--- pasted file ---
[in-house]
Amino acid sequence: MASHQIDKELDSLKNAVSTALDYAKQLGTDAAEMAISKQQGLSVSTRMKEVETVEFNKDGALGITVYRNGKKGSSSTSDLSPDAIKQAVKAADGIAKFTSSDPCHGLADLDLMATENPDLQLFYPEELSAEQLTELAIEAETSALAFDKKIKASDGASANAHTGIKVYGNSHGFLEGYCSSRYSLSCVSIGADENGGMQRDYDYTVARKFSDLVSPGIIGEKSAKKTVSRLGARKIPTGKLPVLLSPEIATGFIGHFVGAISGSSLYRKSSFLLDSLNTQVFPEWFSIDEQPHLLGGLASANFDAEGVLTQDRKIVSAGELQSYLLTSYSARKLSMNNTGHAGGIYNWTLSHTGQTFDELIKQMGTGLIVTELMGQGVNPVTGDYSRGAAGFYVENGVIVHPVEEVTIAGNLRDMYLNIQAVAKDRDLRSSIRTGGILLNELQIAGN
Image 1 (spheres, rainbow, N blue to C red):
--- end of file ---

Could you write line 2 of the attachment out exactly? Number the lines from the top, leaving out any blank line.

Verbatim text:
Amino acid sequence: MASHQIDKELDSLKNAVSTALDYAKQLGTDAAEMAISKQQGLSVSTRMKEVETVEFNKDGALGITVYRNGKKGSSSTSDLSPDAIKQAVKAADGIAKFTSSDPCHGLADLDLMATENPDLQLFYPEELSAEQLTELAIEAETSALAFDKKIKASDGASANAHTGIKVYGNSHGFLEGYCSSRYSLSCVSIGADENGGMQRDYDYTVARKFSDLVSPGIIGEKSAKKTVSRLGARKIPTGKLPVLLSPEIATGFIGHFVGAISGSSLYRKSSFLLDSLNTQVFPEWFSIDEQPHLLGGLASANFDAEGVLTQDRKIVSAGELQSYLLTSYSARKLSMNNTGHAGGIYNWTLSHTGQTFDELIKQMGTGLIVTELMGQGVNPVTGDYSRGAAGFYVENGVIVHPVEEVTIAGNLRDMYLNIQAVAKDRDLRSSIRTGGILLNELQIAGN